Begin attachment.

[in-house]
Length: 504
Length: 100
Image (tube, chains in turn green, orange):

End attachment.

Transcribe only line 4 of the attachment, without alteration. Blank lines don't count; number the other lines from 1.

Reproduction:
Image (tube, chains in turn green, orange):